Copeton Dam construction began in 1968 and was completed 1973 with a capacity of 863,000 megalitres. In 1976 construction was completed on the nine radial gates in the spillway which increased the capacity to 1,364,000 megalitres. Within the spillway is a 21 MegaWatt hydroelectric power station. Two towns disappeared once the dam started to fill, Copeton and Dasey Town. When the water level drops to about 4% the remains of the old cemetery headstones can be seen.

Copeton Dam at sunset

Another great sunset shot at our Copeton Dam campsite


Just a stone’s throw from where we camped is the remains of the Conrad Mine at Howell. With plenty of infrastructure left on the site it’s a great look back in history. It was a silver and base metal mine that operated between 1898 and 1957 under various names and operators. Noted on the Resource and Geoscience NSW web page it is on the list of Derelict Mines Program for ongoing rehabilitation works with the last woks completed in 2017.

What was once the old Conrad Mine’s ‘explosives’ storeroom

Historical pieces of some forged iron in rock


The large timber structure is the Conrad shaft and the large Rock structure is the King Conrad Shaft. We also saw the remains of the Moore drive in a gully off the right as we entered the site. The deepest of the shafts is about 270 m below ground. During the life of the mine nearly 180,000t of ore was extracted with a yield of nearly 18,000t of concentrate consisting of silver, lead, copper and arsenic.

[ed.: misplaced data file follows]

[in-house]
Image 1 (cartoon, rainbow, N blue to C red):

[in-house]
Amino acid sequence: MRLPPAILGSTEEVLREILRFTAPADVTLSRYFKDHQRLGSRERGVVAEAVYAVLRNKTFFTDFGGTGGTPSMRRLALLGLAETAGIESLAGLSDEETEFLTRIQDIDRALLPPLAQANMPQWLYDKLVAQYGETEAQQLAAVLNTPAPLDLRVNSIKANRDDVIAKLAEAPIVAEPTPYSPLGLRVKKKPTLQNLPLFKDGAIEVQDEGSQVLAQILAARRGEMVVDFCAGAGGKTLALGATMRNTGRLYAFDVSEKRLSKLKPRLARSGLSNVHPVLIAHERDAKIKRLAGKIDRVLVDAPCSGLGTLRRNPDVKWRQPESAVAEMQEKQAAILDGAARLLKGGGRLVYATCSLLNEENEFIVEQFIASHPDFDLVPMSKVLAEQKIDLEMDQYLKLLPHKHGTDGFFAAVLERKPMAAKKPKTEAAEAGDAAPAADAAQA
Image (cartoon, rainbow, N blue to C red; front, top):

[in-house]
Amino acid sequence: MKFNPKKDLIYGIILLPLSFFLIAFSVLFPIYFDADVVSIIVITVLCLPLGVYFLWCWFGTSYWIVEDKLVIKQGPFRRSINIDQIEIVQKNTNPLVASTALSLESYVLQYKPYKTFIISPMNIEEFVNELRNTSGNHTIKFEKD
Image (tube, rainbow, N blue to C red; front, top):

The large timber structure is the Conrad shaft

Sandstone plinth (rock stack) at the location of the King Conrad Shaft

Conrad Shaft and Headframe today


Once we had finished exploring it was time to hit the road, grab a quick bite in Inverell and smash the blacktop on the return trip to Coffs Harbour. A fun filled weekend away with about 800kms clocked up and well worth the effort. For me it jogged up memories of previous places I have found out this way, back in 2007 and 2013 and has geared me up to show the crew something they never knew about and one place I never got back to explore. If it is as good or better than what I’m hoping for it may just have to be kept secret…

Conrad Shaft and Headframe today

While recording for Trickydevil Offroad YouTube channel a new phrase was captioned #viewgazm after hearing Tommo’s excitement when reaching Four Mile Trig.

Written by Jereme Lindsell and all images by Trickydevil Offroad and Matt Austin


Free camp spot – Lake Copeton – 29°54’51.8″S 150°59’31.2″E

Old Town – Howell – 29°54’32.8″S 151°01’49.1″E

Oaky Bluff – 29°32’30.4″S 152°13’43.3″E

Where to find them?

Instagram: @trickydeviloffroad @coffscoast4x4andbushadventures
Youtube: Trickydevil Offroad
Facebook: Trickydevil Offroad

Thank you Jereme and the crew at Coffs Coast 4×4 for sharing your weekend adventure story with us at North Storm waterproof bags. We look forward to seeing more of your travels and reading more of your stories!
Lisa & Marc
North Storm